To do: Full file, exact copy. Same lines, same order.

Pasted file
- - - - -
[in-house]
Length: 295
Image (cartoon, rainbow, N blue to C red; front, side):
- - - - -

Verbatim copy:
[in-house]
Length: 295
Image (cartoon, rainbow, N blue to C red; front, side):